Nonfiction Picture Book Wednesday: Hippos are Huge!

Hippos are Huge! written by Jonathan London and illustrated by Matthew Trueman

Jonathan London is the author of the popular Froggy series.

Nonfiction Picture Book Wednesday: Hippos are Huge! There's a Book for That

This was a recent book shared with my class via a guest reader. I was amazed at how much I didn’t know about hippos!

Maybe your hippopotamus knowledge is more extensive than mine?

Let’s check. . .

True or false?

  • A hippo has the biggest mouth of any animal except a whale.
  • Hippos closest living relatives are dolphins, whales and porpoises.
  • Hippos can run faster than humans.
  • Hippos can hold their breath for up to 5 minutes.
  • A 6 month old hippo weighs 500 pounds.

So? What do you think? All of these facts? They are true!  I had no idea that hippos were related to sea mammals! And that they were so fast? Also surprised me. They can swim faster than an Olympic swimmer. Really!

Hippos are huge and amazing.

The best fact in this book for my students? Two male hippos may defend their territory by standing rump to rump and swinging their tails while swatting balls of dung at each other. Yes, a poop fight. Grade 3s and 4s found this quite wonderfully disgusting!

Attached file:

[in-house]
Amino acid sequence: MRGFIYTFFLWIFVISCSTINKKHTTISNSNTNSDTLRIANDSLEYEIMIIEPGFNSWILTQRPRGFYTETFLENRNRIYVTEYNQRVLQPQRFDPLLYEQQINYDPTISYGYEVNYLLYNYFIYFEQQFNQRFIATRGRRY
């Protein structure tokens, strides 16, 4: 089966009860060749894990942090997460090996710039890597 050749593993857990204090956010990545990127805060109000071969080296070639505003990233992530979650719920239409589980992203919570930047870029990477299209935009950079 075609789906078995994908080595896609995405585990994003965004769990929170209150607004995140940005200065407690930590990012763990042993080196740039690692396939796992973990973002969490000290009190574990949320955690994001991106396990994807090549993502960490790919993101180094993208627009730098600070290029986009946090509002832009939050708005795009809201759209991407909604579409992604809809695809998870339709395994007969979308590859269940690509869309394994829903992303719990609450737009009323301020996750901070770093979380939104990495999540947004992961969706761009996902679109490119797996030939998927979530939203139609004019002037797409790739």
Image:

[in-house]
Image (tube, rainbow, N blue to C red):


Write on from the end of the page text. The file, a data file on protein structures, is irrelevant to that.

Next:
Students wrote book reviews on this book. They loved recounting the new facts they learned. I am sharing a few here:

Vicky rated the book 5/5 and writes: I discovered that hippos have a poop fight! A fact that surprised me was that a baby hippo weighs 100 pounds. I found out that an egret picks its dinner of insects out of a hippos ear. A hippo can weigh as much as fifty men! I still have two questions. How much does a female hippo weigh? How long does a hippo survive?

Brian rated the book 4/5 and writes: A fact that surprised me was that males fight with their poop and their tails. Hippos are one of the most dangerous animals in Africa. They weigh over 4 tons. Female hippos give birth in shallow water and the calf has to swim to shore. Hippos are one of the endangered species. Male hippos usually have battle scars.

Soleen rated the book 3/5 and writes: So blog readers, why don’t you take a seat and listen to the story. These hippos are dangerous. They are disgusting because they poop on each other. Ewwww! And they take mud baths. They look really fat. To learn about more books to read follow Ms. Gelson’s blog and our class blog!

Steven rated the book 5/5 and writes: I learned that birds eat inside the ear of the hippo. I found out that hippos teeth are big and sharp. A baby hippo is called a calf. A female hippo is called a cow. A male hippo is called a bull.